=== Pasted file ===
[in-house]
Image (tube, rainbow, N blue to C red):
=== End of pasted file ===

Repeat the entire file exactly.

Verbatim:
[in-house]
Image (tube, rainbow, N blue to C red):